A Little Kyoto in Baguio

The pandemic made hermits of us all.  A week before Christmas last year, after staring at a wall for hours to contemplate about my life’s existence, I decided to have a date with myself.


I went on a solo travel and proceeded to the chilly city of Baguio (127 miles up north of Manila).  Known in my country as the City of Pines, I simply had a breather, walked through pruned gardens of parks, dine at cheap restaurants, watched people walk with their uninteresting facemask on, and re-read a book I have read fifteen years ago.  And when I started to get bored to the point of being spiritless, I decided to search the web on what site in Baguio have I not been to.

The World Wide Web pointed me to St Francis Xavier Seminary in Pacdal, Baguio where the Bamboo Eco-Park is located.  I hurriedly booked online a transport vehicle service car which brought me to the place tagged as the Little Kyoto in Baguio.

baguio bamboo eco-park

glad there were so few visitors (for safety)

the smaller version of arashiyama


And true enough, though the place was really little as compared to the famed Arashiyama Bamboo Grove in Kyoto, the place was equally peaceful and beautiful.  I have been to Baguio numerous times (both solo and with group) but I never knew that such a beauty exists in this part of Baguio until then. It was indeed a refreshing visit!  My first time visit to Bamboo Eco-Park in Pacdal no doubt was the highlight of my latest Baguio visit.

And before I left, it dawned in me that those pandemic hermits living in St Francis Xavier Seminary must be so proud of their work which resulted to something tranquil and beautiful.  A total opposite of my being an indolent and lazy hermit during this ridiculous pandemic.

Vanilla Cafe in Baguio City

I would like to believe that I have some level of proficiency on determining what and how good food would be like.  My taste buds know how to ascertain and adjudicate what good food is.

And though I love cakes and may seem to have the sweetest tooth on the planet, I have never been a fan of Red Velvet cakes.  And though I have yet to encounter a Red Velvet cake that makes my taste buds do a double-somersault with one and a half twists in the free position, I think I just had one that is the most remarkable.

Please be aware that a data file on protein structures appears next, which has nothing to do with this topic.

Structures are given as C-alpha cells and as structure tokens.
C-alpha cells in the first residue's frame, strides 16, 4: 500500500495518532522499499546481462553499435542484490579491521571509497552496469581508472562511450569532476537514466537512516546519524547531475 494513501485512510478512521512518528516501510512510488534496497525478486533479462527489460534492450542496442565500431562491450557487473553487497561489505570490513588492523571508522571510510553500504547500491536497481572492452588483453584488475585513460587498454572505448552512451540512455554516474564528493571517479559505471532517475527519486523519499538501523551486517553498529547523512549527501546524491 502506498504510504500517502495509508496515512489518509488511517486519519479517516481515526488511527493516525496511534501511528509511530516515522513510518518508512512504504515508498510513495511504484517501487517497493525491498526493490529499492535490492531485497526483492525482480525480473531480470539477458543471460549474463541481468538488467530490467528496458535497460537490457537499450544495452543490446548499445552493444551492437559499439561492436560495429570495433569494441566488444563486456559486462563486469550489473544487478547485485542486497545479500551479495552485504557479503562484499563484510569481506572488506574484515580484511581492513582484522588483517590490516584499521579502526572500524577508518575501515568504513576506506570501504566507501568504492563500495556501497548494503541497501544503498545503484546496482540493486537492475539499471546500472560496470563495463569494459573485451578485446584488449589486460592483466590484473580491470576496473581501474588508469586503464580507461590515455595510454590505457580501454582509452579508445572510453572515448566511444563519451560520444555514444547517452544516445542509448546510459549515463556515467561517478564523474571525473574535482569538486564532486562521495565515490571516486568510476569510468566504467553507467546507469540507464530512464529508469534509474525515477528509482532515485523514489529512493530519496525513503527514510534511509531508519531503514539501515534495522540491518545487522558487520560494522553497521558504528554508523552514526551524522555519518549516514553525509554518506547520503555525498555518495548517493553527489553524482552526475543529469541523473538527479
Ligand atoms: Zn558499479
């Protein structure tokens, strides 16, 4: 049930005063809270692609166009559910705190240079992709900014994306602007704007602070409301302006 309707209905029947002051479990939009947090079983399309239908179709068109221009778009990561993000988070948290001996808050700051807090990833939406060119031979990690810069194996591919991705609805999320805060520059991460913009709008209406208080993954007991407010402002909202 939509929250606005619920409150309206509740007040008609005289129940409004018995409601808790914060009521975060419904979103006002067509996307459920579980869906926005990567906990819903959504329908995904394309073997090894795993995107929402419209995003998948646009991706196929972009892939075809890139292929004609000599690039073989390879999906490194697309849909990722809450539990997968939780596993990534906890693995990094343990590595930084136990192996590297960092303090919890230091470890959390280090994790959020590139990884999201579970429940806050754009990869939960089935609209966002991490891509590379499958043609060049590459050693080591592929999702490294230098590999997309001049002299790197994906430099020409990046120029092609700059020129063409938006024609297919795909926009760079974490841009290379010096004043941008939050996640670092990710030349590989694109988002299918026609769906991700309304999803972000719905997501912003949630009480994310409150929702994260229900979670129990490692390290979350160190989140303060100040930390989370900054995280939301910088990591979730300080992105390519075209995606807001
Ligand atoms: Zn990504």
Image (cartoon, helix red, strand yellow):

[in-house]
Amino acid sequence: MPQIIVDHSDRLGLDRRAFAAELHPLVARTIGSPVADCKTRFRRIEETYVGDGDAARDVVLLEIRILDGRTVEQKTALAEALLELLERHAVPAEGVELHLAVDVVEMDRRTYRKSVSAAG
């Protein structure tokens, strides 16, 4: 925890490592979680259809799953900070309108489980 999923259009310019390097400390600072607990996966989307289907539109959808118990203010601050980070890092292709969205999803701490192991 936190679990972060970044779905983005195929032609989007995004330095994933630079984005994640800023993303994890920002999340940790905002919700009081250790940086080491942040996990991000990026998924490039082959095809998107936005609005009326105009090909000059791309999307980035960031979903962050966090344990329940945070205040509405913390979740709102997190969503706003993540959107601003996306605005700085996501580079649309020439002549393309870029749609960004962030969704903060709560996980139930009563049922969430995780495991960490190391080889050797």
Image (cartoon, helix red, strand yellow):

red velvet… it tastes delicious or it tastes beautiful

But my appreciation of this Red Velvet was not due to my taste buds doing a standing ovation but it was my sense of sight that makes me rejoice and be delighted towards the cake I was consuming.  I was at awe about the look, design and colors of Vanilla Café inside Kamiseta Hotel located in Baguio City, the tourist summer capital of my country. 

I guess this is the cutest café I have seen in Baguio.  The interiors were so stunningly pretty, it will definitely put some very sweet delicious smile on every one’s faces.  The café was so visually attractive, the happiness it ignites would surge towards all the other senses making all dishes they serve to be so happily pleasant and appealing.       

Vanilla Café have seem to possess some enchanting potion that smoke-screened my usually resplendent sense of taste.  I actually could no longer recall if the Red Velvet I had was good or mediocre but what I know is that I was smiling while consuming it inside Baguio City’s lovely and bewitching Vanilla Café.     

Hindi lasang masarap.  Pero lasang maganda!

Vogue-ing Baguio: The Potential Fashion Capital of the Philippines

i can never wear this ensemble in manila

I always believe that fashion is governed by the temperature.  People for sure dress up differently when they go up to Baguio.  It’s a strange thing that happens unconsciously.  You can’t just pack a simple shirt, singlet, shorts and jeans when going up to spend a day or two in Baguio.  That is why for me cool breezy Baguio City has the full potential to become the fashion capital of the Philippines.

People in the Pine City can wear lots of layers, lots of dark or neutral colored fabrics and lots of accessories to go with it.   Baguio can have warm sunny days from March to July and very cold weather from August until the end of February which means it is but logical to see true shifts in wardrobe throughout the year.

In Manila or other places in the Philippines that has invariable temperature donning in a trench coat or wrapping your neck with a scarf would simply be laughable.  When a lady feels cold in Manila, which is never an outdoor occurrence but usually inside a cinema, a mall or a hotel, she would simply wrap herself with a shawl or ask somebody to adjust the aircon.  But in Baguio, when it’s cold outside you would have to have chic overcoats, trendy scarves, stylish knitted hats and even fashionable knee-high leather boots.  Thus, you could simply play dress up!

Too bad, only few Baguio inhabitants seem to have embraced the idea that their place can be the true fashion capital of this country because of the climate.  They are so drawn with Manila-fashion they do not realize that they can actually improvise and vogue-up the Pinoy fashion which could flicker worldwide fad, craze and attention.

Yeah, living in Manila looks good but staying in Baguio feels good.  If Baguio is a drink, it is a Martini while Manila is an Iced Tea.  When it comes to fashion, Manila is the Los Angeles of the Philippines but Baguio can be its New York.

Hoy Baguio gising!